High-Speed Microfluidic Differential Manometer for Cellular-Scale Hydrodynamics

Division of Engineering and Applied Sciences, Harvard University, Pierce Hall, Cambridge, MA 02138, USA.
Proceedings of the National Academy of Sciences (Impact Factor: 9.67). 02/2006; 103(3):538-42. DOI: 10.1073/pnas.0507171102
Source: PubMed


We propose a broadly applicable high-speed microfluidic approach for measuring dynamical pressure-drop variations along a micrometer-sized channel and illustrate the potential of the technique by presenting measurements of the additional pressure drop produced at the scale of individual flowing cells. The influence of drug-modified mechanical properties of the cell membrane is shown. Finally, single hemolysis events during flow are recorded simultaneously with the critical pressure drop for the rupture of the membrane. This scale-independent measurement approach can be applied to any dynamical process or event that changes the hydrodynamic resistance of micro- or nanochannels.

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Available from: Magalie M. Faivre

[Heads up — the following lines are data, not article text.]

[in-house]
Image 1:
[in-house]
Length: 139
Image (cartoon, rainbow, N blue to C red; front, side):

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    • "CTA has detected differences in deformability of RBCs from healthy and diseased individuals (Baskurt et al., 1996; Koutsouris et al., 1989; Scott et al., 1993, 1992). Adaptations of this approach measure RBC deformation in capillary obstructions and tapered constrictions (Shelby et al., 2003), transit through constrictions (Gifford et al., 2006, 2003; Herricks et al., 2009a, 2009b), pressure drop while transiting constrictions (Abkarian et al., 2006), and elongation via fluid shear stress (Forsyth et al., 2010; Katsumoto et al., 2010; Lee et al., 2009). Some common limitations of these approaches are that their measures of RBC deformability do not account for variation in cell size, nor do they account for friction between the cell surface and the vessel walls (Zheng et al., 2012). "